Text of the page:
Brazilian police killing at `alarming rates,’ U.N. expert says

GENEVA Brazil’s police continue to kill too many people, while citizens in poor areas live in the shadow of gang violence, a United Nations human rights expert said Tuesday.

“Daily life for too many Brazilians, especially those living in favelas, is still lived in the shadow of killings and violence by gangs, militias, death squads and the police,” according to Philip Alston, the U.N.’s independent expert on extrajudicial executions.

Alston said this was taking place “despite important reforms by the government” and praised Brasilia for “its cooperation and openness to external scrutiny.”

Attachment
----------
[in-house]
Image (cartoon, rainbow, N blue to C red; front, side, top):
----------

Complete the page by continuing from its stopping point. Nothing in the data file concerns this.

The expert was conducting a follow-up report to a 2007 investigation into killings in Brazil.

He said that since his visit about three years ago, “the situation on the ground has not changed dramatically.”

Between 2003 and 2009, some 11,000 people were killed by police in Sao Paulo and Rio de Janeiro in so-called “resistance killings,” a term used by law enforcement officials when referring to acts of self defence.

“The evidence clearly shows that many of these killings were actually executions. But the police at the scene label them resistance killings, and they are almost never seriously investigated,” Alston charged.

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